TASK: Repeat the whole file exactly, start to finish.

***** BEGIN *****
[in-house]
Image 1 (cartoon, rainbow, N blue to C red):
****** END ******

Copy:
[in-house]
Image 1 (cartoon, rainbow, N blue to C red):